Marvins Window: Column sparks memories of Dust Bowl days

As I looked out my window Sunday, I saw myself in a 1929 Chevrolet sedan with my brother, my dad and mother traveling on old U.S.

80 somewhere between Kansas and Oregon.

I had just read Abbie's column about John Stienbeck and "The Grapes of Wrath." It is interesting to see how individual views of writers and events are shaped by individual experiences.

She and I share an appreciation of Steinbeck's works, but through a different window.

Some of you long-time readers may remember that I called this column Marvin's Window to recognize that each of us views our world from a specific spot.

I said your window might have a different view.

Mention of "The Grapes of Wrath" always triggers strong memories and deep feelings from those days of the Great Depression that shaped my life.

I am sure many older readers can relate to some of the same experiences.

Dad was a tenant farmer in the Dust Bowl of the 1930s in Kansas, Oklahoma and the Great Plains.

He planted corn but had no harvest two years in a row.

He went to Iowa to pick other farmers' corn and "visit that part of the farm that wind had blown to Iowa."

In 1936, Dad's third corn crop was "knee high by the Fourth of July" and he was smiling when mother took my brother and me to visit our grandparents in Garnett.

Soon, Dad called.

"The grasshoppers were here yesterday and all the corn and most of the fence posts are gone," he told Mom.

"I have an auction next week and am loading the car.

We leave for Oregon in two weeks."

We did.

Our family joined the flood of migrant workers heading west.

I always said I was not a character in "The Grapes of Wrath" because I was born 50 miles too far north – in Kansas, not Oklahoma.

I remember mother's fear for our safety when we camped with others headed west at places like Ed's Camp on Route 66 between Kingman and Oatman.

We picked green beans, walnuts, filberts, apples and hops the rest of that summer and fall.

We lived in a migrant worker's cabin at a hop farm that winter less than 10 miles from where I finished high school many years later.

We slept on straw ticks on wooden bunk beds built into the cabin walls.

That was a luxury compared to the tents and our tiny house trailer that Dad had built.

That spring, we picked strawberries, cherries, raspberries, green beans and all the other things until the crops ran out in the fall.

I earned my first pennies telling stories around a migrant campfire before I was old enough to go to school.

I won my first nickel bet when Joe Louis won the heavyweight boxing title.

We listened to the fight on someone's radio in that strawberry camp.

We felt mighty blessed in Oregon.

There was always work to do in a time when 25 percent of the able-bodied men in America could find no work.

We had never seen so much fresh fruit, vegetables and berries.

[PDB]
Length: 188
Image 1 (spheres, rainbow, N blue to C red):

My favorite was the wild blackberry that grew near water.

They are still there and make my mouth water when I remember the sweet, juicy taste and the pies Mother would make.

I guess I identify with the wrong people in "The Grapes of Wrath." We did not know we were part of the "have nots." We were the lucky ones compared to the friends and relatives we left in Kansas.

Most of them followed us west.

All those experiences remind me that I live in the great land of opportunity.

This country offers hope and rewards hard work.

It is a place where a peanut farmer from Plains and a boy from a broken home in Hope can rise to become president.

It is a place where a Kansas migrant can earn three college degrees before SATs, Pell grants and government loans.

Some of you are old enough to remember the Horatio Alger stories about the poor kid who made it big in this great land.

Now we get statistics on how many poor kids with single mothers just cannot make it.

Yet, many of them still do.

I often wonder why we do not concentrate on the success stories, like Supreme Court Justice Clarence Thomas or Oprah Winfrey, America's richest woman.

People still risk death just to live in this country even when it means breaking the law.

Ten million came during the last decade!

I identify with the characters in "the Grapes of Wrath." I am sure most of them became successful and raised children who are teachers, doctors, lawyers, bricklayers, truck drivers and home makers.

But, I liked Steinbeck less as a person when I discovered he lived on the California coast and wrote about people he saw coming from Oklahoma.

I wish he had been one of them!

He did give today's generation a chance to peek at the Great Depression and the people who lived then.

Many of them stormed beaches in Normandy and Iwo Jima defending freedom and opportunity.

And thanks, Abbie, for helping me remember and share a time that shaped my generation.

Good writers open windows for us all.

Marvin Robertson is the Miner's city/business reporter.